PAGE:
Determine soil parameters when you don't have all the data.
Geotechnical uncertainty is a major issue in deep excavation and geotechnical design. Minimizing uncertainty and estimating design soil property presents a major challenge to engineers. Most projects have only SPT test data, and different methods can result in widely varying strength estimates. Reviewers often ask for justification of estimated soil strength parameters, so how does one meet these challenges?
In DeepEX 2020 we addressed this major challenge by offering a solid framework for estimating soil parameters from well accepted correlations, from SPT, CPT, index properties, and other tests. We can then compare soil property variability with depth, in plan-view, and make informed decisions. Then design soil properties can be determined based on a statistical analysis by setting the desired lower bound values.
While there is no substitute for good laboratory and insitu strengths, very often such data is simply missing or the client is not willing to pay for it. The following figures demonstrate how we have met these challenges to offer you a solution that has your back, fully referenced, with equations, and graphs. The solution steps are:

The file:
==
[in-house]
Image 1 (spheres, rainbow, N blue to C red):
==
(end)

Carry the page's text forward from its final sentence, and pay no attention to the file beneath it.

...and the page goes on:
1) Define your borehole layers and major soil types based on available geotechnical investigations
2) Define available test data, such as SPT, CPT, Plasticity Index tests, etc.
3) Select and investigate established correlations
4) Review parameter variabilty with different equations, depth, or in plan
5) Review parameter variability vs. the database recommendations
6) Select lower bound level values, typically at 5% to 25%. For example, a 5% lower bound design value represents that only 5% of the soil estimated parameters are smaller than the design level.
7) Include report with full equation references in your calculations
We are not stopping there, a new geotechnical database service by Deep Excavation will be available early in 2020. This interconnected online database will allow you to reference and import actual soil profiles and select based on a range of parameters.
This is the way forward for geotechnical engineering, this is the way forward for deep excavation design.
Figure 1: SPT test data vs. estimated friction angle and elasticity modulus
Figure 2: Statistical property estimation from a number of available boreholes and SPT test data
Figure 3: Contours of estimated friction angle within a specified elevation zone